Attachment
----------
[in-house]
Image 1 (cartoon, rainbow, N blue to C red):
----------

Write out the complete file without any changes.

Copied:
[in-house]
Image 1 (cartoon, rainbow, N blue to C red):